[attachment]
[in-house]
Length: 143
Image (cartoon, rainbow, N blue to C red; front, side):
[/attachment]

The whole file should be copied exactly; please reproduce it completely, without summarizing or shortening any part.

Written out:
[in-house]
Length: 143
Image (cartoon, rainbow, N blue to C red; front, side):